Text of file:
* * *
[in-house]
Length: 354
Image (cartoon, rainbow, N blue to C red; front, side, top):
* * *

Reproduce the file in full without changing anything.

[in-house]
Length: 354
Image (cartoon, rainbow, N blue to C red; front, side, top):